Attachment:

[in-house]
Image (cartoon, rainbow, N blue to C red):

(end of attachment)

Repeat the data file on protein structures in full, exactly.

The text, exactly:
[in-house]
Image (cartoon, rainbow, N blue to C red):